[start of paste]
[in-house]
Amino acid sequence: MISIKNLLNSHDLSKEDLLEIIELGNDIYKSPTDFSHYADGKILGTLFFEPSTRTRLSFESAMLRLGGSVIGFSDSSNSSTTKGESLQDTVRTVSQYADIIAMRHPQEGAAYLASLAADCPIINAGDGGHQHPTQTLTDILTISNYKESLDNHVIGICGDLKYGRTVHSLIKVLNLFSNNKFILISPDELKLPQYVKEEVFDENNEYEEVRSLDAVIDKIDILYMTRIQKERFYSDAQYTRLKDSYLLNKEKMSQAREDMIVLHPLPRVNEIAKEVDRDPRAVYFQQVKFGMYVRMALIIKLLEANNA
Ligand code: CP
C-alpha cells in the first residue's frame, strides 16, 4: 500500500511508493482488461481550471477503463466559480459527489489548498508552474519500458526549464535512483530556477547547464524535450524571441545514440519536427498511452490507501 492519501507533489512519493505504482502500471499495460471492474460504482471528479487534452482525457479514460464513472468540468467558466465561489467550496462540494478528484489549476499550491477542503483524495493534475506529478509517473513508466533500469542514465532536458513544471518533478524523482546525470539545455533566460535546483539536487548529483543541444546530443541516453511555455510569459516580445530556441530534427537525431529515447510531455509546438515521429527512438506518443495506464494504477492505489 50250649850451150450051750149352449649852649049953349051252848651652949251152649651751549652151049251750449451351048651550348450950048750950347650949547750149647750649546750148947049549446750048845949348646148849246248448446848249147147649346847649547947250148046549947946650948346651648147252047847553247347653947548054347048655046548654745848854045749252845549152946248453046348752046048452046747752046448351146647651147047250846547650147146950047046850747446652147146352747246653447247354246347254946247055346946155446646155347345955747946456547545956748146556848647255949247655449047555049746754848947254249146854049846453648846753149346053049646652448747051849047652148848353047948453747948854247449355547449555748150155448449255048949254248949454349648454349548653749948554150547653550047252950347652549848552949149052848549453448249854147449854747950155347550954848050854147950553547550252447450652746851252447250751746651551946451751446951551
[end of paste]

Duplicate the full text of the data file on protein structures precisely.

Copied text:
[in-house]
Amino acid sequence: MISIKNLLNSHDLSKEDLLEIIELGNDIYKSPTDFSHYADGKILGTLFFEPSTRTRLSFESAMLRLGGSVIGFSDSSNSSTTKGESLQDTVRTVSQYADIIAMRHPQEGAAYLASLAADCPIINAGDGGHQHPTQTLTDILTISNYKESLDNHVIGICGDLKYGRTVHSLIKVLNLFSNNKFILISPDELKLPQYVKEEVFDENNEYEEVRSLDAVIDKIDILYMTRIQKERFYSDAQYTRLKDSYLLNKEKMSQAREDMIVLHPLPRVNEIAKEVDRDPRAVYFQQVKFGMYVRMALIIKLLEANNA
Ligand code: CP
C-alpha cells in the first residue's frame, strides 16, 4: 500500500511508493482488461481550471477503463466559480459527489489548498508552474519500458526549464535512483530556477547547464524535450524571441545514440519536427498511452490507501 492519501507533489512519493505504482502500471499495460471492474460504482471528479487534452482525457479514460464513472468540468467558466465561489467550496462540494478528484489549476499550491477542503483524495493534475506529478509517473513508466533500469542514465532536458513544471518533478524523482546525470539545455533566460535546483539536487548529483543541444546530443541516453511555455510569459516580445530556441530534427537525431529515447510531455509546438515521429527512438506518443495506464494504477492505489 50250649850451150450051750149352449649852649049953349051252848651652949251152649651751549652151049251750449451351048651550348450950048750950347650949547750149647750649546750148947049549446750048845949348646148849246248448446848249147147649346847649547947250148046549947946650948346651648147252047847553247347653947548054347048655046548654745848854045749252845549152946248453046348752046048452046747752046448351146647651147047250846547650147146950047046850747446652147146352747246653447247354246347254946247055346946155446646155347345955747946456547545956748146556848647255949247655449047555049746754848947254249146854049846453648846753149346053049646652448747051849047652148848353047948453747948854247449355547449555748150155448449255048949254248949454349648454349548653749948554150547653550047252950347652549848552949149052848549453448249854147449854747950155347550954848050854147950553547550252447450652746851252447250751746651551946451751446951551